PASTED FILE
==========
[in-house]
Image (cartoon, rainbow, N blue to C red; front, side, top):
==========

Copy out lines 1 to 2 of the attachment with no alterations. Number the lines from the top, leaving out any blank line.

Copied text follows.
[in-house]
Image (cartoon, rainbow, N blue to C red; front, side, top):